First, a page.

PS: It is a great time to use the high level assessment from Invite Welcome Connect

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Celebrating Advent in the Home

29 Nov

Daily devotions practiced at home are the best way for parents to teach children to value our faith in Jesus. To recapture the season of Advent as a time for preparing for the second coming of Christ even as we prepare to celebrate his birth in Bethlehem, an Advent Wreath can help.

To assist in these devotions, I created a booklet with a brief liturgy based on a Service of Light in the Prayer Book: Celebrating Advent in the Home

These daily devotions are a way to incorporate liturgy into your daily life. The liturgy takes five minutes or less, yet permits a family to bring the Christian year into the home with a tangible reminder of the new church year, which starts this coming Sunday. The season of Advent has been set aside as a time of preparation for Christmas since at least the last half of the 6th century, though Advent Wreaths date to German Pietists in the 1800s.

Grow Christians
If you want to use this Advent devotion to launch you or your family into more daily practices of faith, I suggest the website for resources for families. Started by two friends of mine, the website has grown into a helpful resource with honest discussions of the challenges and joys of bringing faith home. I subscribe to the feed, so that I get the articles via email.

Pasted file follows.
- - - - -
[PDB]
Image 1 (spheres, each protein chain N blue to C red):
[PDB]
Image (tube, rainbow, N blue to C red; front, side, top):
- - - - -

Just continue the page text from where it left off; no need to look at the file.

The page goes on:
Celebrating Fourth Advent and Christmas
I have been more than a little dismayed to hear of churches (not Episcopal ones) cancelling their Sunday morning worship on December 24 as they will hold Christmas Eve services that night. While getting to church on a Sunday morning is always a challenge for young families, I just note that nothing can show how much we value Sunday morning worship like attending both morning and evening liturgies that day as the anticipation of Advent builds to the coming of Christ.

The Rev. Canon Frank Logue, Canon to the Ordinary

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How a small percentage of the budget built capacity to start new Episcopal ministries

20 Nov

Leveraging a very small percentage of the Episcopal Church’s budget since 2012 has moved the denomination into a new era of evangelism as we have created a network of new ministries reaching out in ways both traditional and innovative. These range from The Abbey, a coffee shop and church in Birmingham, Alabama, and Grace Yukon, the bold restart of a church in Oklahoma, to Hope Sandwiches, a cutting edge idea that uses a food truck to create jobs, feed hungry persons, while funding a church. Here is a quick recap of the movement taking shape in the past five years:

Matching Grants – 2013-2015